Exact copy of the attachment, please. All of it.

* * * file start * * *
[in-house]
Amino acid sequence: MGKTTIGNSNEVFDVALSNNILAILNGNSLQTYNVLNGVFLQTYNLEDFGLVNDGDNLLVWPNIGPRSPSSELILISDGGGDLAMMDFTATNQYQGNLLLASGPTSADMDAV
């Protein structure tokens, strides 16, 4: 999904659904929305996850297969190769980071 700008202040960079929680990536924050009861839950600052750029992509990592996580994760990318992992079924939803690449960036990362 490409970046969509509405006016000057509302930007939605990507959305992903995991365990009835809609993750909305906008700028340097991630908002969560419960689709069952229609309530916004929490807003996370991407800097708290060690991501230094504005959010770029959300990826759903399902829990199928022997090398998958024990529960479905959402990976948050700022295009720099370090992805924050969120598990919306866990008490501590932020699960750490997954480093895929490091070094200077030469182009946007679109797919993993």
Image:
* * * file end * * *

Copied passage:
[in-house]
Amino acid sequence: MGKTTIGNSNEVFDVALSNNILAILNGNSLQTYNVLNGVFLQTYNLEDFGLVNDGDNLLVWPNIGPRSPSSELILISDGGGDLAMMDFTATNQYQGNLLLASGPTSADMDAV
């Protein structure tokens, strides 16, 4: 999904659904929305996850297969190769980071 700008202040960079929680990536924050009861839950600052750029992509990592996580994760990318992992079924939803690449960036990362 490409970046969509509405006016000057509302930007939605990507959305992903995991365990009835809609993750909305906008700028340097991630908002969560419960689709069952229609309530916004929490807003996370991407800097708290060690991501230094504005959010770029959300990826759903399902829990199928022997090398998958024990529960479905959402990976948050700022295009720099370090992805924050969120598990919306866990008490501590932020699960750490997954480093895929490091070094200077030469182009946007679109797919993993």
Image: